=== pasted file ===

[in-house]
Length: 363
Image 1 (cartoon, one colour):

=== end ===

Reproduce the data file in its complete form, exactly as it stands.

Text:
[in-house]
Length: 363
Image 1 (cartoon, one colour):